8. The most impressive performance by a USC wideout this spring outside of London actually came from a receiver with no collegiate experience. Freshman early enrollee Michael Jackson III wasted no time in flashing his superior talent, pulling in a one-handed, highlight-reel grab in his first week of spring. The three-star recruit didn’t slow down from there, adding two more memorable catches in the spring game. Helton, offensive coordinator Graham Harrell, and receivers coach Keary Colbert all took turns lavishing him with praise this spring.
  9. Since transferring from Texas, Keaontay Ingram was expected to quickly carve out a role in a struggling USC run game. That takeover is by no means complete. But Ingram seems well on his way to being one of the Trojans’ top two backs. Running backs coach Mike Jinks reiterated USC wants to employ less of a by-committee approach this fall, and Ingram has the look of a workhorse, with the ability to do damage in space and between the tackles. He’s more dynamic than Vavae Malepeai and more physical than Stephen Carr. “His running style is completely different from what we have,” safety Isaiah Pola-Mao said last week.

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  10. Marlon Tuipulotu and Jay Tufele are off to the NFL. Brandon Pili suffered a torn Achilles that will keep him out for the season. Caleb Tremblay transferred to Tennessee. And yet, USC probably feels overjoyed about its defensive tackle depth coming out of the spring. Redshirt freshman Jamar Sekona was one of the camp’s biggest standouts, while enormous four-star freshman Jay Toia appeared unstoppable in spurts. Dejon Benton also made a notable leap. All three should get opportunities up front this fall, when they’re joined by Alabama transfer Ishmael Sophser, who sat out through April.
  11. There’s no question USC’s defensive line will be the strength of its defense next season, and Tuli Tuipulotu will be a major reason for that. After an impressive debut last fall, the sophomore fortified his standing up front during a stellar spring in which offensive players regularly remarked about his strength and physicality.
  12. The presence of Drake Jackson and No. 1 overall recruit Korey Foreman won’t hurt, either. Jackson was a terror when he managed to practice this spring. During one spring game sequence, he singlehandedly ended a drive by sacking the quarterback, swatting a pass, and stopping a run behind the line. A car accident ended his spring early and left him in the concussion protocol, but his potential is well established. The question for him this season is consistency. We don’t know how exactly Foreman will fit alongside his former Corona Centennial teammate. But that’s a good problem to have.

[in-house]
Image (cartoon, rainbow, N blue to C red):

USC's Drake Jackson pressures quarterback Kedon Slovis during the spring game April 17, 2021.
    USC’s Drake Jackson pressures quarterback Kedon Slovis during the spring game.
    (Genaro Molina / Los Angeles Times)
  13. No one is going to adequately replace Talanoa Hufanga, last year’s Pac-12 defensive player of the year, but Helton seems to have settled on the guy tasked with trying. Chase Williams opened spring as the starting strong safety and never looked back. Helton singled him out Friday as one of the top performers in camp and recalled a play during which Williams met Ingram one-on-one at the goal line and stopped him cold. “What I loved this spring was his physicality that he brought, kind of like Talanoa brought,” Helton said of Williams. Pencil him in as the safety opposite Pola-Mao.
  14. Isaiah Pola-Mao spent much of spring moonlighting as a nickelback, and Helton said Friday he might continue to rotate into that role next season. After flashing his pass rushing prowess through spring, you can count on USC using Pola-Mao blitzing out of the nickel spot in the fall. How much time he ends up spending at the nickel will likely depend on how Texas transfer Xavien Alford progresses in the fall and how Greg Johnson looks in his return from injury.
  15. An extremely thin group of cornerbacks this spring meant plenty of opportunities for a converted receiver to try his hand at cornerback. If the last 15 practices are any indication, it seems Joshua Jackson Jr. could have a real future at the position — perhaps sooner rather than later. The redshirt freshman is still learning the finer points of playing cornerback, but his instincts for man coverage and his natural ball skills have already earned him a role in the rotation.